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Somewhere along the line I learned that it’s beginnings and endings that count. You can sag around the middle, but first impressions and closure are important. If you’re going to get me, it’ll be within the first three entries. Am I bored, depressed, intrigued or touched by your writing? Will I read through to the end? At the very least I want to feel that I count, and you’re writing to share with, inspire or entertain me. Not that you’re just using this as a place to moan. Not for 31 days, at any rate.
How’m I doing so far?
“What are you studying?” I ask.
He’s spread himself out across the table, with photocopies, and neatly organised index cards.
He looks up distractedly, a slight frown of concentration on his face.
“I’m writing” he says. “A film script.”
I recall Robert Pirsig’s description in
, his long awaited sort-of-sequel to
Zen and the Art of Motorcycle Maintenance
, of how he organised his thoughts into a little box of index cards.
Playwright David Mamet wrote a book called
Writing in Restaurants
… I drink very little coffee these days, but I find it hard to give up the coffee shop culture.
I guess to write about life, you have to have some life experience. But does it have to be big and grand? Must you have been skydiving to have a story to tell? Or will the small details -- denied to those whose fast paced jet setting full lives do not allow them time for such observations -- suffice? Sometimes the more, and bigger, and “as much as you can eat” can get a bit much. Slow, as well as small, can be beautiful. Today I am meditating on Kabir’s “tinkling of the anklets on an insect as it walks”.
Reading back over my writing of the past few months, I notice that I have quoted exactly the same statements from two very different people. Thinking back, the essence of what they said is still correct (as much as my elephant-like memory can recall), but of course it is still through my particular filters. And then, is there really any such thing as fact or fiction? If I am to err, I think I’d rather it be on the side of slightly and unwittingly misrepresenting what you
said, rather than manipulating your experiences as fodder for my creative fantasy.
“You need to stop sending yourself up” she said. It’s true… but it’s hard to find the balance. I think one of my strongest points is my sense of humour… about myself as well as others. But at what point does that sense of humour, veer away from simple light heartedness, and become self-ridicule? Often as a sort of buffer against being seen as ridiculous by others, I get in there first. I criticise the male voice, and at the same time adopt the male voice, in essence dissing ‘women’s intuition’. But my intuition is powerful. I should trust it.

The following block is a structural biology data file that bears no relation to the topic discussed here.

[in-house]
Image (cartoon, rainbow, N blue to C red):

I hope she didn’t think it glib when I said I wasn’t surprised to hear that he had died suddenly. I didn’t mean to be. It’s just that his constant intensity gave me the feeling that he might burn out at some stage. And maybe it’s also that -- while most of the time I feel as though I will live until I’m old -- I’ve begun to feel the reality that we can any of us (myself included) go at any moment. The sword hanging over our heads, of life threatening disease is real, but so is unpredictable mortality.
I’m taken aback by her letter, but in hindsight, not surprised. There always seems to have been a measure of guardedness around our interactions with each other. She rarely seems to say what she really thinks. I’ve always assumed this is just the way she is, but perhaps it is specifically with me. “I just didn't feel that I could sit silently and let you assume that I am thinking the same things as you any longer.” Funny, I never assumed she was thinking the same things as me. But I didn’t assume that as a prerequisite to friendship either.
I receive a note out of the blue from Margie, almost as confirmation. As prodigal son travels go, I seem to be the last to return to the homeland. I look forward now to returning, and being near people who have known me half my life, and see me as having become
of who I used to be, rather than people who have known me only through my “political phase”. Of course, that’s become part of me now, and adds to my value. But if that’s all you expect from me, you’ll never really get to know me. Pity.
Of course it is no surprise to me that these things are coming up now just before I go to Cape Town today. Each trip now seems to bring me closer to exploring my identity and where/how I feel ‘at home’. It’s extraordinary to me the way that we can take a slight detour in the road, and end up years later in a completely different place. The proverbial “stepped out for air/a pack of cigarettes, and never came back”. After a twenty year detour, I’m almost ready to go back now. I think I’m growing up. I like it.
I am sitting watching and listening to the sea while I eat. I can hardly believe my good fortune. I want to say out loud (so to speak) that I am resolved to give up feeling
about those less fortunate than me -- “a useless emotion” as Steven once put it. I must remind myself of that over and over -- and replace it with gratitude for all that I have right now.
Read today: “You never change things by fighting the existing reality. To change something, build a new model that makes the existing model obsolete.” – Buckminster Fuller
“The average age on this tour” he says “is 24.7”. We are at a pre-departure briefing. I guess my 41, Kate’s 33 and the “Spanish woman with an unpronounceable name” must have raised the average considerably, of what looks like a predominance of 16 year-old boys! (Shouldn’t they be in school?!)